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NASCAR Sprint Cup Series officials help signal messages to drivers during races by waiving an assortment of colored flags. The flagman, who is always located on a stand high above the start/finish line, plays an important role during an event.

greenflagGreen Flag

Displayed at the start of the race and also for restarts during the race. At the start of the race, cars must maintain position until they have crossed the start/finish line. The polesitter at the race start — and race leader on restarts — controls the pace and cannot be passed prior to the green flag waving.

yellowflagYellow Flag

Signifies caution and is given to the first car passing the start immediately following the incident that caused the display of the flag. All cars must slow down immediately to a pre-determined pace, hold their position, and form a single line behind the pace car.

redflagRed Flag

Signifies the race must be put to a stop immediately, regardless of the position of the cars on the track. The red flag shall be used if NASCAR officials decide the race should be stopped, usually for safety and/or competition-related reasons. Cars will be brought to a stop in an area designated by NASCAR officials. Repairs or service of any nature or refueling, whether on pit road or in the garage, will not be permitted when the race is halted due to a red flag, unless the car has withdrawn from the event.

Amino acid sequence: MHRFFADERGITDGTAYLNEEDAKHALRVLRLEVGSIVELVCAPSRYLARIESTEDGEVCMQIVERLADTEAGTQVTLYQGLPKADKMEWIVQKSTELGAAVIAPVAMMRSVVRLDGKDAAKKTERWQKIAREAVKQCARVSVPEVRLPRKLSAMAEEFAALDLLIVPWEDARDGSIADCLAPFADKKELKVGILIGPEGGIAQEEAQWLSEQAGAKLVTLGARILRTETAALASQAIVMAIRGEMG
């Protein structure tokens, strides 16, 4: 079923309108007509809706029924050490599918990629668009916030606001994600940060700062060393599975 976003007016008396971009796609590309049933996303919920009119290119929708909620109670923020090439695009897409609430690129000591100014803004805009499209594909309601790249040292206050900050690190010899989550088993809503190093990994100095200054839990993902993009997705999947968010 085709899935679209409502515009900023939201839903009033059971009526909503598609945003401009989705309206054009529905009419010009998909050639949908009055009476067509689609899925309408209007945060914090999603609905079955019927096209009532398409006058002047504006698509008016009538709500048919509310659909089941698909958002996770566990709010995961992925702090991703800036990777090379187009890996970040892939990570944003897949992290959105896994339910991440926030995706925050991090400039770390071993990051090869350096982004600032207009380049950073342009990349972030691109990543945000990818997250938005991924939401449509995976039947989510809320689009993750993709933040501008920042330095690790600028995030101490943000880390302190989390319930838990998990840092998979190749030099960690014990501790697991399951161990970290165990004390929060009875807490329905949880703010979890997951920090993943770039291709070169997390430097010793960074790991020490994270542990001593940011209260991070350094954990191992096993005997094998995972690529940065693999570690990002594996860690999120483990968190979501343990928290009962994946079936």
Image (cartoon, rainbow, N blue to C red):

blueflagwstripeBlue Flag with Diagonal Yellow Stripe

Although this flag is displayed regularly during most races, it is probably the least recognized. This flag is displayed to drivers, who are a lap down or significantly slower, that are about to be passed by lead-lap cars. Drivers who are shown this flag must yield to the faster lead-lap cars.

blackflagBlack Flag

Display of this flag requests that the car go immediately to the pits and report to the NASCAR official at the car’s pit area. The car can receive a black flag for a variety of reasons, including a driver/team infraction, or a potential problem with the car reported by NASCAR officials that warrants a closer inspection in the pits. It does not mean automatic disqualification. At the discretion of NASCAR officials, if the driver does not obey the black-flag directive, the driver may then be given the black flag with a white cross at the start/finish line to inform the driver that any additional scoring of his or her car will be discontinued until further notice.

whiteflagWhite Flag

Waves when the driver in the lead begins his final lap of the race.

checkerCheckered Flag

The most famous of all flags, the black and white checkered flag is displayed when the winner has crossed the finish line. All cars on the track will take the checkered flag once.


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